August 01, 2011

Provisions on Issues Concerning the Application of Law in the Hearing of Civil Monopoly Dispute Cases (Draft for Comment)

Issuing Body: Supreme People's Court
Issuing Date: April 25, 2011

The Supreme People's Court has issued a draft version of rules designed to make it easier for plaintiffs to meet evidentiary requirements in court cases relating to China's three-year-old Anti-Monopoly Law (AML). Released in draft form on April 25, 2011, the Provisions on Issues Concerning the Application of Law in the Hearing of Civil Monopoly Dispute Cases (Draft Civil Monopoly Dispute Provisions) are, in the court's words, intended to "ensure the proper trial of civil monopoly dispute cases, prevent monopolistic conduct, protect fair market competition and safeguard the consumer's interests and social public interest." The draft provisions were open for public comment until June 1, 2011.

Since China's AML took effect in August 2008, the handling of AML-related disputes has become an important responsibility of the nation's people's courts, which according to government figures had accepted 43 civil monopoly cases by the end of 2010. But antitrust plaintiffs in China have encountered difficulties in court, and not one has actually prevailed at trial; most cases have been dismissed because of insufficient evidence.

Plaintiff in Civil Monopoly Dispute Cases

The Draft Civil Monopoly Dispute Provisions provide that any individual, legal person, or organization which has been negatively affected by monopolistic activity, including businesses and consumers, may initiate a civil lawsuit in accordance with the AML, either alone or together with other plaintiffs. This interpretation gives legal standing to consumers and other end users who ultimately suffer, albeit indirectly, from monopolistic behavior when intermediate businesses pass on higher costs. (The purchaser of a car, for example, may sue tire manufacturers that collude to increase tire prices because the manufacturers' actions indirectly increased the price of a new car.) If enacted in this form, the new provisions would thus enable consumers and other end-users to seek relief directly from the parties that engaged in monopolistic behavior, even though their actual loss resulted from the actions of or decisions made by an intermediate business.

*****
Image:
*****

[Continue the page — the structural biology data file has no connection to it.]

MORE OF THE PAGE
Burden of Proof

Chinese law generally assigns to plaintiffs the burden of proof in connection with alleged monopolistic activity in civil monopoly cases: If the plaintiff claims compensation for damages, it must prove not only the existence of monopolistic conduct but also damages, as well as a causal relationship between the conduct itself and the financial harm to the plaintiff. And in cases that involve monopolistic agreements, the plaintiff would likewise bear the burden of proving the effect of an alleged monopolistic agreement that excludes or restricts competition.

There are, however, partial exceptions to that principle. Among them, the Draft Civil Monopoly Dispute Provisions say a plaintiff will not bear the burden of proof in connection with the effect of excluding or restricting competition, unless the defendant provides sufficient evidence of innocence to shift the burden of proving the effect of excluding or restricting competition to the plaintiff, in situations envisioned by Paragraph 1 of AML Article 13, Items 1-5:

  1. Fixing or changing prices of commodities;
  2. Limiting the output or sales of commodities;
  3. Dividing the sales market or the raw material procurement market;
  4. Restricting the purchase of new technology or new facilities or the development of new technology or new products;
  5. Making boycott transactions.

Similarly, the Draft Civil Monopoly Dispute Provisions shift the burden in situations described by AML Article 14 Items 1 and 2: those which involve fixing the price of commodities for resale to a third party or restricting the minimum price of commodities for resale to a third party.